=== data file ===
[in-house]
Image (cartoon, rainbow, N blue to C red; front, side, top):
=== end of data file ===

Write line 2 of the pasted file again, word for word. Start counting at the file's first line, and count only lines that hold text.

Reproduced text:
Image (cartoon, rainbow, N blue to C red; front, side, top):